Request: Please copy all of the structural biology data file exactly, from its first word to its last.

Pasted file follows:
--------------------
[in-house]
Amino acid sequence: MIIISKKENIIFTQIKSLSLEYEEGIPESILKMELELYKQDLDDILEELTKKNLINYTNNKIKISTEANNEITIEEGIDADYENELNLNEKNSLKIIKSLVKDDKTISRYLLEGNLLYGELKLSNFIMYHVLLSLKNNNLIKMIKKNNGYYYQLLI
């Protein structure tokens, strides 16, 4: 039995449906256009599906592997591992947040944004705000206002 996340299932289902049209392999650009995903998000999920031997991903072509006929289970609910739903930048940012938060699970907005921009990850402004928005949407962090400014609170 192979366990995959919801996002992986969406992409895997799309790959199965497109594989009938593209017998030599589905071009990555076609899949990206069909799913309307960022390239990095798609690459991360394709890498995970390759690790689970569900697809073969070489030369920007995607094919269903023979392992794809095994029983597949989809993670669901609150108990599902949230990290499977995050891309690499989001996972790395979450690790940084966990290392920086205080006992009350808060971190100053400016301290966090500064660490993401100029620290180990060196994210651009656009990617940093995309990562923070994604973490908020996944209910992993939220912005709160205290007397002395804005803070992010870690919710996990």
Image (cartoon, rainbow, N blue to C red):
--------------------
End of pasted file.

[in-house]
Amino acid sequence: MIIISKKENIIFTQIKSLSLEYEEGIPESILKMELELYKQDLDDILEELTKKNLINYTNNKIKISTEANNEITIEEGIDADYENELNLNEKNSLKIIKSLVKDDKTISRYLLEGNLLYGELKLSNFIMYHVLLSLKNNNLIKMIKKNNGYYYQLLI
């Protein structure tokens, strides 16, 4: 039995449906256009599906592997591992947040944004705000206002 996340299932289902049209392999650009995903998000999920031997991903072509006929289970609910739903930048940012938060699970907005921009990850402004928005949407962090400014609170 192979366990995959919801996002992986969406992409895997799309790959199965497109594989009938593209017998030599589905071009990555076609899949990206069909799913309307960022390239990095798609690459991360394709890498995970390759690790689970569900697809073969070489030369920007995607094919269903023979392992794809095994029983597949989809993670669901609150108990599902949230990290499977995050891309690499989001996972790395979450690790940084966990290392920086205080006992009350808060971190100053400016301290966090500064660490993401100029620290180990060196994210651009656009990617940093995309990562923070994604973490908020996944209910992993939220912005709160205290007397002395804005803070992010870690919710996990």
Image (cartoon, rainbow, N blue to C red):